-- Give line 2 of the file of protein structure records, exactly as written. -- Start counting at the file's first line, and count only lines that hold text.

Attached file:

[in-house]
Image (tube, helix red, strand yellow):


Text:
Image (tube, helix red, strand yellow):